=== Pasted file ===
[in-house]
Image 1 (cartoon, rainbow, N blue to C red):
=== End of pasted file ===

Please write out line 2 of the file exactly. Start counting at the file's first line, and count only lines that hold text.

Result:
Image 1 (cartoon, rainbow, N blue to C red):